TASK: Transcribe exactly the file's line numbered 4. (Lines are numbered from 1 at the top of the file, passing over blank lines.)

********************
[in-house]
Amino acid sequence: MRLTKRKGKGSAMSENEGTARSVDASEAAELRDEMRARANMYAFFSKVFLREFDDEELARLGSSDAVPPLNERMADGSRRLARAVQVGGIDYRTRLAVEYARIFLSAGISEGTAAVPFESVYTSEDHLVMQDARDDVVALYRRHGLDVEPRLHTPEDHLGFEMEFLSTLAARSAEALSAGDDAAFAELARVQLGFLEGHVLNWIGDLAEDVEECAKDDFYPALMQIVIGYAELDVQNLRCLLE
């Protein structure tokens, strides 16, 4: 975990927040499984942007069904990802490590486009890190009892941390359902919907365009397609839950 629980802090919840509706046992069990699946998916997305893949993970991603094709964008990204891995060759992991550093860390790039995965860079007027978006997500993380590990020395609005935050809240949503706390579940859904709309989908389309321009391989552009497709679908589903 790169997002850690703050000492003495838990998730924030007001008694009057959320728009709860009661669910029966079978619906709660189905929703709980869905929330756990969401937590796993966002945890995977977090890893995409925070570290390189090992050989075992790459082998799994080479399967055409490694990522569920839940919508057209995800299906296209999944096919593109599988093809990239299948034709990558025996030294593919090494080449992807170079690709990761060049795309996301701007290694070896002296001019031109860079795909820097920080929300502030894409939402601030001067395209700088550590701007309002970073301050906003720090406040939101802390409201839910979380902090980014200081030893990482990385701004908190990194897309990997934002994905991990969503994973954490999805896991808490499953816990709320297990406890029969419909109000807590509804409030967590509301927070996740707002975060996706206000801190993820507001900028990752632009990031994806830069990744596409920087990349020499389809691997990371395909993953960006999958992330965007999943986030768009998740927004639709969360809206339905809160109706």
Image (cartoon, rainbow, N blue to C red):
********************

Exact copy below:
Image (cartoon, rainbow, N blue to C red):